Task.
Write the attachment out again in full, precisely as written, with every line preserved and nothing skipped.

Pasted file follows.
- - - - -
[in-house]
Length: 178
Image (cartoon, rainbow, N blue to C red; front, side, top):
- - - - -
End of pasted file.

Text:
[in-house]
Length: 178
Image (cartoon, rainbow, N blue to C red; front, side, top):